Prehistory: A Review


Current research indicates that our planet started cooling down 18 million years ago. This had long-term impact on flora and fauna. Tropical forests gave way to open savanna and some species came out of the trees to become ground foragers. The Sahara Desert region was wetter or dryer in long cycles, alternately attracting flora and fauna and repelling both. This is called the "Sahara Pump." The primate called Homo Erectus presumably spread from southern Africa into Europe and Asia around 2 million years ago via this mechanism.

The Neanderthal primate appeared in Europe 150,000 years ago. I thought this lecturer’s description of the appearance of Homo sapiens sapiens in Africa 200,000 years ago was mighty fuzzy, but he finally settled on an African date for "fully modern humans" of 115,000 years ago. These people eventually "pumped" into Europe and Asia after 100,000 years ago, roughly coinciding with the onset of the Ice Ages.

Small populations of Homo sapiens sapiens lived near small populations of Neanderthal for 40,000 years. This lecturer adamantly insisted they could not interbreed. I took his reasoning at face value and thought about putting a population of click-speaking (Khoisan) Pygmies next to Indo-European-speaking Caucasians for a similar time to see what would happen. A current genetic mapping project should settle the issue.

Now we come to the definition of civilization. It’s the state. A state means civilization and civilization means a state. I know that a good many of my friends would disagree, but this is the academic definition in this course. The first city-state was, according to this lecturer, Uruk in southern Mesopotamia. A city-state was defined as a centralized location with a population of at least five-thousand having a central ruler, therefore Uruk was by definition the first civilization. I think this is nonsense.

People had been farming in Mesopotamia for thousands of years before Uruk. Farming villages were scattered everywhere and the natural human trend toward specialization of labor was well under way. Distinctive Halaf and early Al-‘Ubaid pottery was traded far and wide. Farmers specialized in raising grain, sheep, goats, and donkeys and all were traded up and down the rivers. The precursors to writing were small clay counters shaped like the goods traded. People specialized in weaving goat hair and wool, and that was traded. Trading itself was of singular importance; timber used for construction in the south was floated down the rivers from a thousand miles north. Academics seem to think that the important feature of Uruk was its temple. I think it was the appearance of a bakery and a brewery, critical specializations in a society which lived on bread and beer. All of this occurred before the rise of a central strong-man ruler, but according to the definition used here it wasn’t civilization. They had no wars.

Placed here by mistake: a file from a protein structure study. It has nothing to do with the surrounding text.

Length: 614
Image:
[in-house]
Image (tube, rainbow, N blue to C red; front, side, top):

As the lectures proceed from region to region around the planet, we see the same pattern emerge again and again. In southeast Asia, for example, the farming villages thrived in autonomy for 2,000 years before they were "civilized" by a centralized state. I would say they were enslaved, not civilized.

I was intrigued by ancient Crete. Part of what we think we know comes from Greek mythology and part from archeology; I dismiss the mythology. They call the cities there palaces, but when I examine the photos I see residential commercial emporiums. Indeed, the people of Crete specialized in making olive oil and wine for export and they were the long-distance traders of the Aegean. Unfortunately the island was buried under volcanic ash before historic times.

I was also intrigued by Mohenjodaro on the Indus River, because it looks much like the commercial cities on Crete. It was probably destroyed by flood, but the later Mauryan Civilization seemed to take up and expand international trade by sea as if it had that tradition in memory. International trade outlived Indian empires.

I am not particularly interested in the brutalities of the Chinese warring states or the brutalities of the Meso-American warring states. Although the academic focus of interest seems to be on the periods of violent contest for power, I think they were aberrations of normal human behavior. As boring as it may appear, production and trade were demonstrably the real foundations of civilization. The strong-man central state was the parasite that infected normal human society, and killed it.

I don’t expect academics to change their definition of civilization anytime soon. They play their own kind of nose-counting politics. This professor, who is keenly aware of the role of global climate changes in human history, subscribes to the suddenly popular anthropogenic hypothesis of global warming, which is false. The "science" of eugenics had a similar reign of popularity. But I suspect that the underlying reason for rejecting observational evidence in both cases is an ideological devotion to the state as the giver and the protector of their special class.

Buyer beware, these are professionally produced, directed, and rehearsed courses. They are entertaining, informative, and occasionally deceptive. Human prehistory is particularly difficult because archeological evidence is scarce, yet I have to wonder if we’re not finding what we’re not looking for? For example, archeobiologists working in Syria revolutionized our knowledge by refining their method of recovering ancient grass seeds at hearth sites. What was human life at Uruk like before the rise of political government and the building of its defensive wall? Maybe if we think in those terms, we’ll find out.